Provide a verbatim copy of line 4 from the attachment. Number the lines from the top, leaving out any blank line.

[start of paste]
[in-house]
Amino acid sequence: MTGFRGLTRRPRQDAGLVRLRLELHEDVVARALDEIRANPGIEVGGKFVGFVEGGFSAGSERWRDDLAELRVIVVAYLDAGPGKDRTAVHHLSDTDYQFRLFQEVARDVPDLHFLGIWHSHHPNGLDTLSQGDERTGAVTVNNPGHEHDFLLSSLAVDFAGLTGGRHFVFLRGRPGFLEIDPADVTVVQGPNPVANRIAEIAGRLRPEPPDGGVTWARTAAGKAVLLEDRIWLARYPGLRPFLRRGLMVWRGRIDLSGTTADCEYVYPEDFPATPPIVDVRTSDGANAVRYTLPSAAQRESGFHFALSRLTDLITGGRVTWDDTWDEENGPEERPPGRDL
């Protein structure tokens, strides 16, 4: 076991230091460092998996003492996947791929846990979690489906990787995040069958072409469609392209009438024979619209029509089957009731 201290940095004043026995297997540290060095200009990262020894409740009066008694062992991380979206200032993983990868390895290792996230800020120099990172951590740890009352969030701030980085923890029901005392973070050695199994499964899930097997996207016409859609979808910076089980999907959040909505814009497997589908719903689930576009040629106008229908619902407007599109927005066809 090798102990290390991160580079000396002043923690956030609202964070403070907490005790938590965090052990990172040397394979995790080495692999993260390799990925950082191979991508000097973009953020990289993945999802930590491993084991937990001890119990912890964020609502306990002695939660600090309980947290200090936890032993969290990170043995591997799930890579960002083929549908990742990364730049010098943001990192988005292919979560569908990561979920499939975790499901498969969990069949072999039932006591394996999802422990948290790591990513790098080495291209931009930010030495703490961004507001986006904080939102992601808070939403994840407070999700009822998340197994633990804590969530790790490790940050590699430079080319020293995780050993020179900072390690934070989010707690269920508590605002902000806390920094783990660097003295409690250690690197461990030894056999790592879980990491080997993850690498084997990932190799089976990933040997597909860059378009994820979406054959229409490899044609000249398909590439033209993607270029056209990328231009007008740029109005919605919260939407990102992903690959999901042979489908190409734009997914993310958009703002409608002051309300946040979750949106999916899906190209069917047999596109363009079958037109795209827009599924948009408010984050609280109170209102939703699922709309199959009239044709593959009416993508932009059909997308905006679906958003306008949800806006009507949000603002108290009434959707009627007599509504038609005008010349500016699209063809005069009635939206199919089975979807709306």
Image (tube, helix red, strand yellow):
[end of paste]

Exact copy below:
Image (tube, helix red, strand yellow):